Your puppy will have key times when it is likely to need to go to the toilet, i.e immediately after waking up, after meals, in the middle of hyped play and after traveling in the car. Get your puppy out at regular intervals to reduce the risk of toileting inside.

Once outside don’t hang about, keep your puppy moving. Your puppy should go within 5 minutes of being outside, if it goes, GET EXCITED let your puppy know you are really happy – you don’t need to treat.

If you prefer to use treats then treat the puppy outside don’t rush inside to treat. Your puppy needs to know the reward happens outside not inside.

If your puppy doesn’t go within 5 minutes then don’t waste time, bring your puppy inside and confine it to an area where it is most likely not want to toilet – i.e the crate, it’s bed or have your puppy attached to you on a lead so it doesn’t have the opportunity to toilet.

Within 20 to 30 minutes take the puppy back out to the toilet and if it goes praise if it doesn’t, then confine it and follow the plan above.

Rule #1 – No free time in your house until you have seen your puppy toilet outside.

If you catch your puppy going to the toilet inside, tell your puppy off, clap your hands sharply and use a ‘naughty’ command. Take it quickly outside so it can finish off its toileting .

If you come across a mess inside and you don’t catch your puppy going then DON’T tell it off, it’s too late. DON’T clean messes up in front of your puppy as they see this as positive attention or a game. How many times have you cleaned a mess up in front of your puppy and they have tried to play with the cloth or mop? Great game!!! Put your puppy away and then clean the mess.

Rule #2 – Don’t clean messes up in front of your puppy.

Don’t leave food down for your pup to graze as it will lead to irregular toileting patterns. Get to know when your puppy is likely to poo, i.e when they wake up or after meals. Get your puppy out to toilet so it doesn’t poo inside. If you catch your puppy in the middle of a poo inside, do not interrupt it as you can can cause damage. Wait until it has just finished and then tell it off. Always follow the rules above.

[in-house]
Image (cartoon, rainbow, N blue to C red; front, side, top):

Unless you have to, don’t use toileting pads or newspaper inside. This is sending a message to your puppy that it is OK to toilet inside. Teach your puppy right from the start – outside is the place to go.

Night time

If your puppy is toileting at night, then look at confining your puppy into a smaller area, i.e a crate or get a fireguard and block off a smaller area, so your puppy has less room to move about. This motivates the puppy to hold on as it doesn’t want to toilet near its bedding area.

Minimise access to water at night and make sure the room is dark or the crate covered, this will encourage your puppy to sleep longer.

We ourselves as humans toilet less at night as we are confined to a bed and don’t drink. During the day we are more active and drink more so our toileting increases. This is where we ascertained the principal of night time toileting.

Living in an Apartment

We recommend a consistent ‘go to’ spot for the puppy to toilet in an apartment, an easy accessible place is best. We also recommend setting up a distinct ‘go to’place. In our experience a big plastic flat container with artificial grass is a great solution. The grass must be cleaned or replaced regularly.

Then all you need to do is follow the plan outlined above.

How long does it take?

Every puppy is different, some take longer than others. Once you are getting days of no toileting inside, then you can be quietly confident your puppy is getting it. Your puppy should be fully toilet trained by 6 months, if it is still a problem by then then we highly recommend getting Professional help.

More help!

If you need more help please call us – we are the experts in all things dog!!.
If you live in other areas of New Zealand or internationally we can still help you – we now have skype and telephone consultations available.

Good luck with toilet training!